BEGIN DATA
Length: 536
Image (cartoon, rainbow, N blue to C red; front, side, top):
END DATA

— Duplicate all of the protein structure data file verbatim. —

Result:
Length: 536
Image (cartoon, rainbow, N blue to C red; front, side, top):